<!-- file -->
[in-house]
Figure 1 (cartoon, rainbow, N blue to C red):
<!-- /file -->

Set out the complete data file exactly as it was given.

[in-house]
Figure 1 (cartoon, rainbow, N blue to C red):